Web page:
If you are using compression to reduce the size of your cube, you should experiment with leaving the topmost level in some dimension hierarchies as unsummarised, as this can decrease the time required to maintain the cube at the cost of slightly slower queries, due to the way that the compression algorithm works.
Of course, the cost of pre-aggregating data is the additional time, and space, that this part of the load process will take up, and therefore a test was carried out using the Global Widgets sample data to see how much additional time and space pre-summarisation took up.
For the purposes of this test, the three versions of the Global Widgets cube dense, sparse and compressed were loaded first using skip-level aggregation, and then using full pre-aggregation. The results of the test were as follows:.
Note that these measurements are specific to the Global Widgets cube, and other cubes with differing or additional dimensions, measures, hierarchies and levels will produce different timings and differentials. One way of speeding up data loads and pre-aggregation is to not load the data in the first place. In the same way that with relational data, you can use functions and views to derive results from table columns, you can create calculations and formulas to dynamically generate measures or dimension members based on data you have loaded into your cube.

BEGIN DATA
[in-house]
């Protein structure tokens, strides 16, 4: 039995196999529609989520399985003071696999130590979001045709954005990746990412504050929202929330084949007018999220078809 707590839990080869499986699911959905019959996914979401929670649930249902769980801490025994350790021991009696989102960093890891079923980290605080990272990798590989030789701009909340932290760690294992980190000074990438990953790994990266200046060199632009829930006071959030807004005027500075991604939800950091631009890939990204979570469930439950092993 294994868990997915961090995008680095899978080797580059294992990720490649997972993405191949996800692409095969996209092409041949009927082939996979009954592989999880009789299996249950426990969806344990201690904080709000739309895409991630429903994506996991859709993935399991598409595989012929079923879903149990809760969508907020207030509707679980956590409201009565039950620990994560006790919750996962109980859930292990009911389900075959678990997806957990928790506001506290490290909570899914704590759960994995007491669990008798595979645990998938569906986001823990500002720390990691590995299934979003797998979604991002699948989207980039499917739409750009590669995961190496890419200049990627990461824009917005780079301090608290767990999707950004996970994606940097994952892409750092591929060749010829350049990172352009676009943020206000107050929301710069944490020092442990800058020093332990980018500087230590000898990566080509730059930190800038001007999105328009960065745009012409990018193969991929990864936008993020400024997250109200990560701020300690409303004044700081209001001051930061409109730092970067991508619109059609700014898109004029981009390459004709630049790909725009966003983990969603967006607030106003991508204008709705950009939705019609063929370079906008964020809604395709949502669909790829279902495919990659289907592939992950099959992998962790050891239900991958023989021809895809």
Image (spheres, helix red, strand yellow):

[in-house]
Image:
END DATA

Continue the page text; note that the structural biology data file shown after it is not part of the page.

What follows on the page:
Calculations are something that you should already be familiar with, and are defined using the Calculated Measures feature using Analytic Workspace Manager 10 g Figure 3. Figure 3: Creating a calculated measure using Analytic Workspace Manager 10g. The advantage of defining a measure as a calculated measure is that it does not take up any storage space except for the metadata associated with the calculation and it does not require loading or pre-aggregating.
The downside, of course, is that a calculated measure will usually be slightly slower to query than a measure that has been fully loaded and aggregated. Previous users of Oracle Express Server will recognise calculated measures as a type of Express construct known as a formula. Formulas are very flexible objects and are also fully supported in Oracle OLAP, but they are only exposed in a very limited way with Analytic Workspace Manager 10 g.
The first load of data will usually take all current and historic data and load it into your Analytic Workspace. After that, you will usually want to load just new data, and data that has changed, into your Analytic Workspace rather than delete the cube and rebuild it from scratch. To use this approach, you will need to carry out the following steps. Figure 4: Selecting the cube processing option using Analytic Workspace Manager 10g. As an alternative to remapping your dimension and cube loads to point to tables that only contain new and changed data, another technique that has been used successfully in the past is to do the following:.
Using the Global Widgets dataset, timings were taken using the sparse version of the cube, using the following scenarios:.
The obvious conclusion from these tests was surprising and shows that, regardless of whether you load just the new and changed data into the cube or load all data, or whether you choose to aggregate just the new values or all values, with Oracle Database 10g Release 1 there is no difference in the time taken to perform cube maintenance.
It is, however, my understanding that this issue is, in fact, being addressed in Oracle Database 10g Release 2, and incremental loads will be significantly faster with this release. To illustrate how this works, the template for the sparse version of the cube was loaded into Analytic Workspace Manager 10 g , and the option to maintain the cube was selected. Figure 5: Saving a maintenance task to script using Analytic Workspace Manager 10g.